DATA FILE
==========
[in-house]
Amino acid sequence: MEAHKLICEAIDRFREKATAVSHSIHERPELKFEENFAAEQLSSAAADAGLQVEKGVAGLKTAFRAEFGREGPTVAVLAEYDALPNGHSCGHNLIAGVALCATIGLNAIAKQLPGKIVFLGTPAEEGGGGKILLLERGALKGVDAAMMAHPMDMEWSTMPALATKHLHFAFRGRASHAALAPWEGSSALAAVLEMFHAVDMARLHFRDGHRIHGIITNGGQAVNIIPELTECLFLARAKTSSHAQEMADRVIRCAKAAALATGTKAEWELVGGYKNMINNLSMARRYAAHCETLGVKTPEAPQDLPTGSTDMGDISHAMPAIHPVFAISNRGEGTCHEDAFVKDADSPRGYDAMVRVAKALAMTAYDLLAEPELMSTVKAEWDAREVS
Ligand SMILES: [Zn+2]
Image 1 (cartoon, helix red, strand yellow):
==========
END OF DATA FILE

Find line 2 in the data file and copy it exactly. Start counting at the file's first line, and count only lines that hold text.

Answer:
Amino acid sequence: MEAHKLICEAIDRFREKATAVSHSIHERPELKFEENFAAEQLSSAAADAGLQVEKGVAGLKTAFRAEFGREGPTVAVLAEYDALPNGHSCGHNLIAGVALCATIGLNAIAKQLPGKIVFLGTPAEEGGGGKILLLERGALKGVDAAMMAHPMDMEWSTMPALATKHLHFAFRGRASHAALAPWEGSSALAAVLEMFHAVDMARLHFRDGHRIHGIITNGGQAVNIIPELTECLFLARAKTSSHAQEMADRVIRCAKAAALATGTKAEWELVGGYKNMINNLSMARRYAAHCETLGVKTPEAPQDLPTGSTDMGDISHAMPAIHPVFAISNRGEGTCHEDAFVKDADSPRGYDAMVRVAKALAMTAYDLLAEPELMSTVKAEWDAREVS